First impressions lead to a multitude of assumptions, and trustworthiness is one of them: faces with v-shaped eyebrows and frowning mouths are consistently judged as less trustworthy than others with ^-shaped brows and mouths with upturned corners (this may be related to the former betraying a hidden anger and the latter having positive undertones). Now a study by Brian Holtz suggests that a person’s looks can colour perceptions, not only of how trustworthy their character might be, but of whether their actual deeds are fair and well-intentioned.
In an ideal world, we’d trust people based upon what they say and do, and use that track record to evaluate whether their subsequent actions were in good faith. These new results suggest that often isn’t so – instead, our superficial impressions influence how we evaluate their behaviour.
The first study presented data on an imaginary company to 609 people recruited through an online portal, all of whom had experience of being in work. They were asked to evaluate a decision made by the CEO to cut pay by 15 per cent for all staff (including the CEO himself) in order to avoid cut-backs in tough economic times. Participants felt more trust towards the CEO and judged the decision as fairer when the CEO’s biography included a facial photo previously rated as highly trustworthy, rather than an untrustworthy one.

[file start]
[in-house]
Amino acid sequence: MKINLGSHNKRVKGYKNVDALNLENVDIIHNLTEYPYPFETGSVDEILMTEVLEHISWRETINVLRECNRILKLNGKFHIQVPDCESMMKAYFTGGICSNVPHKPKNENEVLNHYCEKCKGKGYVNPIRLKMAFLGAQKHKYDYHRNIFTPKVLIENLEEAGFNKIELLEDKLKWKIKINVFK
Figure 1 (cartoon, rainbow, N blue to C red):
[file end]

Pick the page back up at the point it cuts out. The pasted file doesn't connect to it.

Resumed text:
In the lead-up to this evaluation, participants were asked if there were other solutions to the financial crisis, and if so, if they could have been fairer. When they thought the CEO had a trustworthy face, they were less likely to believe there were fairer alternatives he could have taken. In both this and a subsequent replication, this doubt in viable alternative options mediated how strongly the photo drove trust in the CEO’s behaviour. This is fascinating and surprising to me – it suggests that a gut feeling, based on physical appearance, could have consequences for how we intellectually review a situation. I should note a third study with a smaller sample, conducted in the context of fairness in university marking, didn’t find this mediating route, but the main effect of facial appearance on trust in a person’s behaviour was replicated.
When we assume that certain facial characteristics can mark someone out as special – more electable, fit for higher rank, or a better captain of industry – these assumptions often become self-fulfilling. But whereas it’s easy to be accepting about the inevitability of some of these effects – people who look imposing will obviously be more imposing – most of us like to believe that perceptions of trust go deeper and are truly shaped by a person’s ethics and actions. Yet the sad truth is, some faces seem to mark one out as an easy scapegoat, while others are able to get away with murder.
HOLTZ, B. (2014). FROM FIRST IMPRESSION TO FAIRNESS PERCEPTION: INVESTIGATING THE IMPACT OF INITIAL TRUSTWORTHINESS BELIEFS Personnel Psychology DOI: 10.1111/peps.12092